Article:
Politics is not merely the presence of things exerting force on one another, but is that precise moment where that field of forces is contested, challenged, and it is declared that something else is possible, that things don’t have to be this way. Making something political that was previously apolitical requires a lot of hard work… The politics is not there already. The whole point is to get the politics there. Politics isn’t a state-of-affairs, but is the moment of intervention.]

Sri Aurobindo outlines three conditions or psychological states that the seeker must adopt to carry out the transformation of the Divine Mahashakti. These conditions are consciousness, plasticity and unreserved surrender… 
It is especially important not to let the limited human mind, emotions. life and body restrict, obstruct or prevent the operation of the Divine Shakti in the nature. Since they cannot judge something so much larger than their capabilities, it is essential to adopt an attitude of receptivity as outlined by Sri Aurobindo here.]

[1m - Savitri Era Party @SavitriEraParty One-stop blog for curing all theoretical confusion and muddled thinking just a click away at Savitri Era Learning Forum - Posted by Tusar N. Mohapatra  Location: Shipra Riviera, Indirapuram, Ghaziabad, Uttar Pradesh, India]

September 16, 2012

Sri Aurobindo has been gently set aside when country’s history is discussed

[The other jarring point in the book is the short shrift that Mishra gives to ‘radical’ freedom-fighter Aurobindo Ghose, who later metamorphosed into a spiritual leader and came to be known as Sri Aurobindo. He does acknowledge Aurobindo’s eminence, but only just, picking some of his sundry quotes like, “Bengalis were drunk with the wine of European civilisation”. It is not a remark that must have made him popular in his home State, and perhaps explains why he has been gently set aside when the country’s history is discussed. Apparently, for the author — like for the British — Sri Aurobindo was a mere footnote in the pages of history, while the likes of Rabindranath Tagore were the central figures.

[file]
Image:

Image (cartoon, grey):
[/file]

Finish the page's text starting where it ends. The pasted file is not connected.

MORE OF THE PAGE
It is true that Tagore influenced the country’s political philosophy immensely, but he had one ‘advantage’ which Sri Aurobindo lacked: A greater acceptability in the West following the Nobel Prize for literature that he won. Suddenly, he was an international figure and had a global platform to propagate his views. Still, it cannot be forgotten — and Mishra ought to have taken it into account — that Aurobindo’s contribution was not merely restricted to political awakening; he showed the path to ‘intellectual spiritualism’. That legacy still lives on in the Auroville Ashram in Puducherry. RAJESH SINGH  The alternative truth PIONEER Sunday Edition  Agenda  BOOKS  SATURDAY, 15 SEPTEMBER 2012]

[Autobiographical Notes_Vol-36 VOLUME 36: THE COMPLETE WORKS OF SRI AUROBINDO NOTE ON THE TEXTS PART TWO: LETTERS OF HISTORICAL INTEREST […] Most of the letters included in Part Two of the present volume were written before 1927. Those that were written after that date are parts of sequences that began earlier, or deal with special subjects, such as Indian politics. […]